ICE’s other memo, titled Inadmissibility Based on Endorsing or Espousing Terrorist Activity: First Amendment Concerns and revised by the White House Office of Legal Counsel (OLC), discusses constitutional limits on the enforcement of an INA provision for the exclusion or expulsion of non-U.S. persons who “endorse or espouse” terrorist activity. The memo concludes that, in cases involving lawful permanent residents, non-U.S. persons within the United States, or non-U.S. persons outside the United States who have significant U.S. contacts, “applications of the INA’s content-based restriction on speech will likely be subject to a heightened standard of review,” and that “it is rare for a statute to survive strict scrutiny.” Accordingly—in text apparently inserted by the OLC—the memo casts doubt on the constitutionality of the provision as applied to such persons “who have expressed support for terrorism at a more abstract level or in contexts that would not implicate the security of the United States or its nationals.”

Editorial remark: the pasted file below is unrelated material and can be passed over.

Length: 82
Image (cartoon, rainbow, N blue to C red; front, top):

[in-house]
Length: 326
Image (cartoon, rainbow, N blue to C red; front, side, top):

These recently obtained memos appear to have been drafted in connection with the Trump administration’s “extreme vetting” program, which began with the issuance of an executive order declaring that the United States “must ensure that those admitted to this country do not bear hostile attitudes toward it and its founding principles.” Beyond recognizing the constitutional limits noted above, the memos provide a few broader takeaways.
First, the Constitution protects non-U.S. persons who are admitted to the United States, lawful permanent residents inside or outside the United States. Second, those people may challenge the collection of identifying information that reveals their political views or associations or infringes their privacy rights. Third, the government’s use of a non-U.S. person’s expressive or associational information to rescind an immigration benefit may be challenged as unconstitutional—particularly when the government action implicates core First Amendment activity. Fourth, the First Amendment limits the government’s ability to remove lawful permanent residents and non-U.S. persons from the United States for engaging in protected speech. And fifth, the First Amendment rights of U.S. citizens to hear from and assemble with non-U.S. persons may limit the government’s ability to exclude such persons from the country.